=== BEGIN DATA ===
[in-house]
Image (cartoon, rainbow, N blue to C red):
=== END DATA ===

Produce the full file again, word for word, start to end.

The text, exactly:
[in-house]
Image (cartoon, rainbow, N blue to C red):